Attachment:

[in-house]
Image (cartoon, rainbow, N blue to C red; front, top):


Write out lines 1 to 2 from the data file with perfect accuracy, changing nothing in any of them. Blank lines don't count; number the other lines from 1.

[in-house]
Image (cartoon, rainbow, N blue to C red; front, top):